In November, when physicists at CERN in Switzerland begin their grand experiment using the worlds largest particle accelerator—the Large Hadron Collider, or LHC—computer scientists there and across the globe will also put the worlds largest scientific computing grid through its paces.
The success of the experiment—intended to answer such questions as what other particles exist in the universe that we dont know about—will rely in large part on a worldwide, high-speed network that will allow scientists to harness the power of 100,000 computers—mostly PCs—to process the tons of data generated by the experiment.
The universe consists of particles of matter, and scientists currently know only a tiny fraction of them. Gaining greater insight into what else makes up the universe will give them a greater understanding of the universe itself.
The networks 10G bps backbone, linking to 11 scientific data centers, forms the core of the worlds largest international scientific grid service, which was created to enable scientists to handle the huge amount of data that will come out of the experiment.
"The LHC is a 27-kilometer ring underground that accelerates protons to high energy and smashes them together in the ring to produce a fireworks of particles," said Francois Grey, director of IT communications at CERN, in Geneva. "Huge underground detectors will pick up the signals [from the collisions] using millions of channels that will read out every 25 nanoseconds. The rate at which [the data] will come out [of the four detectors in place] to be stored is in the hundreds of megabytes per second."
Along with lessons about what the universe comprises, the LHC Computing Grid project will teach network engineers valuable lessons about what it takes to run and manage one of the largest 10G-bps networks in the world.
"Everyone is looking to see whos installing a large backbone on that scale. Weve become a reference for other people waiting to see what happens," Grey said. "We have no choice because we need that speed. Were also learning a lot about shipping data at high rates and how to optimize a grid between 10G bps and slower links."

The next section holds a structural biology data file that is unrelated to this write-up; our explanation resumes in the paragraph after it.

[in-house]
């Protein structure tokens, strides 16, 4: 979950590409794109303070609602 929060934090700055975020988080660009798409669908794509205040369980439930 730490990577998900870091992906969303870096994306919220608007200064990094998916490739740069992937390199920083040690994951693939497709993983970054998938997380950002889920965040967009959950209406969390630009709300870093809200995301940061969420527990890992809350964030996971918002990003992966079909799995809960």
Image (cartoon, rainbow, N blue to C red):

About 200 institutions in 80 countries—some with their own large data centers—will participate in the grid to help process an expected 15 petabytes of data per year generated by the LHC.
"We realized early on there was no way we could store all that data and analyze it here at CERN," Grey said. "The idea was to pull those resources together in a grid."
The grid is organized in a three-tiered hierarchy, with CERN serving as the Tier 0 "fountainhead" from which data subsets will be dispersed to 11 Tier 1 data centers in Europe, North America and Asia, according to Grey.
Tier 2 data centers, located mostly at more than 250 universities around the globe, will serve as the locations where physicists analyze the data subsets they receive.
The LHC Computing Grid rides on dark fiber used in national and international research networks to interconnect each of the 11 Tier 1 sites at 10G bps for continuous paths to the different locations. Commercial links are used to connect participants in Canada, Taiwan and the United States.
In North America, Tier 1 sites include two in the United States—Fermi National Accelerator Lab, in Batavia, Ill., and Brookhaven National Laboratory, in Long Island, N.Y.—as well as the Triumph Laboratory, in Vancouver, British Columbia.
Because of the nature of the computing task, PCs used in the grid dont have to communicate at very high speeds with one another so they are linked via grid middleware for "trivially parallel" processing, according to Grey.
Detectors read out images of the collisions, which are analyzed for particular patterns. "Each collision is independent from the next one, which is why trivially parallel processing works," Grey said.
At CERN, the PCs, CPU servers and disks are linked on a 1G-bps network provided by Hewlett-Packard ProCurve switches. CERN itself will contribute 10 percent of the total necessary processors for the job, including 3,500 PCs and the rest single- or dual-core processors all running a version of Linux called Scientific Linux CERN. CERN will contribute about 8,000 processors to the computing tasks.
The PCs used at CERN are commodity systems from a mix of smaller vendors, including Elonex, of Bromsgrove, England, and Scotland Electronics, of Moray, Scotland.
"We buy them cheap and stack them high," said David Foster, communications systems group leader in CERNs IT department. "The physics applications can run in parallel, but independently on separate boxes, so any PC which fails can be replaced and just that job restarted."
"Our typical workhorses" are dual-processor PCs in a one-rack unit "pizza box" form factor stacked in 19- inch racks, according to Helge Meinhard, technical coordinator for server procurements at CERN.
Although most of the roughly 8,000 PCs are single-socket machines that run single-core chips, about 750 are two-socket systems that use dual-core processors.
Administering all the PCs is a batch scheduler, which identifies available units and assigns a job to them.